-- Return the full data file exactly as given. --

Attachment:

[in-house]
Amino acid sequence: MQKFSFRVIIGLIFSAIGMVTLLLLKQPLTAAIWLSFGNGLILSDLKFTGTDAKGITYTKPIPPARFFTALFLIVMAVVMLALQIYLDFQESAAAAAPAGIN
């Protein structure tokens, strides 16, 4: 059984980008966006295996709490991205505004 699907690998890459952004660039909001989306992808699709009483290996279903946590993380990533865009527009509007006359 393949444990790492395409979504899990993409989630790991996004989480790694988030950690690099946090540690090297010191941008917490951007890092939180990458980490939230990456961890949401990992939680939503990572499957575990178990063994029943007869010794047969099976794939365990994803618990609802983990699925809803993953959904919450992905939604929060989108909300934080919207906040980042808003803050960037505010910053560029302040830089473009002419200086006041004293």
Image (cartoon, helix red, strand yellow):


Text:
[in-house]
Amino acid sequence: MQKFSFRVIIGLIFSAIGMVTLLLLKQPLTAAIWLSFGNGLILSDLKFTGTDAKGITYTKPIPPARFFTALFLIVMAVVMLALQIYLDFQESAAAAAPAGIN
């Protein structure tokens, strides 16, 4: 059984980008966006295996709490991205505004 699907690998890459952004660039909001989306992808699709009483290996279903946590993380990533865009527009509007006359 393949444990790492395409979504899990993409989630790991996004989480790694988030950690690099946090540690090297010191941008917490951007890092939180990458980490939230990456961890949401990992939680939503990572499957575990178990063994029943007869010794047969099976794939365990994803618990609802983990699925809803993953959904919450992905939604929060989108909300934080919207906040980042808003803050960037505010910053560029302040830089473009002419200086006041004293």
Image (cartoon, helix red, strand yellow):